Thursday, February 12, 2015

Media Reports Of H5N1 Continue In Egypt



# 9701


The disconnect between what is being reported by the Egyptian press, and the number of cases being publically acknowledged by the Egypt’s Ministry of Health, continues with almost daily reports of new H5N1 cases (suspected & confirmed) in the Arabic media which are only rarely listed on the MOH site. 


Of note, the MOH hasn’t released a YTD total of cases, or fatalities, in over three weeks (see The Silence Of The Egyptian MOH).  They do, however, continue to urge people to seek medical care immediate if they suspect bird flu infection.


The last officially acknowledged YTD total came on January 22nd (see Egypt’s MOH Confirms 21st H5N1 Case), but based on local health ministry and media reports, the number of cases since then appears to have incremented significantly. 


How much is anybody’s guess, but Sharon Sanders of FluTrackers has been dutifully trying to keep track, and her conservatively curated FluTrackers H5N1 Case List indicates (as of yesterday) 39 cases, and 16 deaths for the year.


Today the Egyptian media already has reports of four H5N1 cases, all supposedly confirmed by lab tests.  How accurate these reports really are is debatable, but given the restrictive press environment in Egypt, I have doubts many would risk publishing reports like these without substantial corroboration.

First stop, 


Health Qalubia»: the detention of three persons infected with «bird flu»

2 hours ago | wrote: Abdel-Hakam soldier , Mohammed Mahmoud Khalil

Directorate of Health Affairs announced Balqlliopip, on Thursday, the detention of three people, for being infected «bird flu» preservation, noting that the stable situations, and respond to treatment, where he was given the drug «Tamiflu» and a number of medications.

Said Dr. Mohammed Lachin, Undersecretary of the Ministry of Health Balqlliopip, had been detained three cases hospitals «Banha University, and fevers Banha, and diets», pointing out that samples were taken from the injured, and sent to the central laboratories of the Ministry of Health in Cairo, which proved positive cases, in addition to sampling of their families, and the work of the inquiry Mkhaltin them, to show the extent of the injury or not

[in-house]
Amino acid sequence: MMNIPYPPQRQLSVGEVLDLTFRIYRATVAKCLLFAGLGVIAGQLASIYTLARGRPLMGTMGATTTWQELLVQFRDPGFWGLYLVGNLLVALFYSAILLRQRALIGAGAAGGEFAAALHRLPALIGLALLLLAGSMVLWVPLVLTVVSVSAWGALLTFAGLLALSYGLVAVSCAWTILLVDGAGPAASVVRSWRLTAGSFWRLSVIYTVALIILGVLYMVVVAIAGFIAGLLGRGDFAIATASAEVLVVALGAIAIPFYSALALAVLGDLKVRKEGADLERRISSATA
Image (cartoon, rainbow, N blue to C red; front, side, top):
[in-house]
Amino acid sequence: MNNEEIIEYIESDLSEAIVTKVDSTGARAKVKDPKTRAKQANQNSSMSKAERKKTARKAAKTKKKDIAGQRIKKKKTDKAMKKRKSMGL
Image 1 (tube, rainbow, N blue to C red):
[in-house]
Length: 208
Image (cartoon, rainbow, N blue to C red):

And this from


The emergence of new cases of bird flu in Assiut

Wrote: Suad Ahmed Thursday 12/02/2015 09:37

Confirmed samples sent by al-Sadr hospital in Assiut Governorate, to the central laboratory in Cairo injury housewife from coast sound of bird flu results.

He explained the source of the Directorate of Health in Assiut, that the situation of a woman named (n, p, P- 24 years) have been converted from the Central Coast Salim hospital on suspicion of being infected with bird flu.

The source added, that Ms. booked Chest Hospital in Assiut, samples were withdrawn and sent to labs central Cairo shows the result of analysis of the received by the health Assiut being infected with the virus


As we tend to see about updates from the MOH every 5 to 7 days, we may or may not get confirmation of these cases.  Hopefully these cases (if, indeed, they are confirmed) will get sorted out in the next WHO GAR update.

Assuming FluTracker’s case count is reasonably close - and these four cases are eventually certified by the WHO – that would mean that in the first 6 weeks of 2015 Egypt has already exceeded their 2011 record (n=39) for the number of cases in a year.  

All the more impressive when you add in the 30 cases racked up in the last six weeks of 2014. 

Whatever the precise count (and even with the best surveillance and reporting, cases will be missed), Egypt’s H5N1 outbreak this winter of 2014-15 is shaping up to be the biggest run of human cases reported from one country that we’ve seen in a decade. 


Egypt appears on pace to rival or even exceed Vietnam’s record of 61 cases and 19 deaths in 2005.


Why, after two years where only 8 cases were reported in Egypt, we are seeing this sudden bloom of cases is unknown.


In January, in CIDRAP: FAO Reports Mutations In H5N1 Virus From Egyptian Poultry, we did see a report that found some signs suggestive of `mammalian adaptations’ in viruses collected from local poultry, but those changes were not present in two human samples tested.


A few days laterthe World Health Organization published their latest WHO H5N1 Update & Risk Assessment, which stated:


Although all influenza viruses evolve over time, preliminary laboratory investigation has not detected major genetic changes in the viruses isolated from the patients or animals compared to previously circulating isolates. The increase in reported human cases is likely a consequence of several factors. These includes increased circulation of influenza A(H5N1) viruses in poultry, lower public health awareness of risks in middle and upper Egypt and seasonal factors such as closer proximity to poultry and longer survival of the viruses in the environment because of cold.


The good news is that we’ve yet to see any evidence that the virus is spreading from person-to-person, and while a handful of small family clusters have been mentioned, the risk still appears to stem from close contact with infected birds.


Still, whatever the current source of infection, anytime we see this many human infections with a novel flu virus, we watch carefully for any signs of changes in the behavior of the virus.

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